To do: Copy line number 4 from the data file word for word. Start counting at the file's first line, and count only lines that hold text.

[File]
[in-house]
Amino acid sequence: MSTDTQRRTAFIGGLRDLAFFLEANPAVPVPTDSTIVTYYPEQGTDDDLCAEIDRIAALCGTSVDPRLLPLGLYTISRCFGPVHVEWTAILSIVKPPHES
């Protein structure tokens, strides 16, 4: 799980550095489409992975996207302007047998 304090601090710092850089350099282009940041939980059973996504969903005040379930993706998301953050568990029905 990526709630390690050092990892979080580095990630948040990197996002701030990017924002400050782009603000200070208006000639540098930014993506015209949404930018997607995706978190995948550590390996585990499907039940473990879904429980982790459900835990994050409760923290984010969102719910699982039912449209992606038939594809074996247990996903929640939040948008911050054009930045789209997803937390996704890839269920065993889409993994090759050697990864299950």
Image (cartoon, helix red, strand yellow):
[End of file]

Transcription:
Image (cartoon, helix red, strand yellow):